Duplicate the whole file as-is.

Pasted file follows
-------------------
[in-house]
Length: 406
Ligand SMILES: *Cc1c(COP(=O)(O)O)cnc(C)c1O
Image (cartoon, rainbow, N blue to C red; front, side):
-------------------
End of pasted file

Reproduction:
[in-house]
Length: 406
Ligand SMILES: *Cc1c(COP(=O)(O)O)cnc(C)c1O
Image (cartoon, rainbow, N blue to C red; front, side):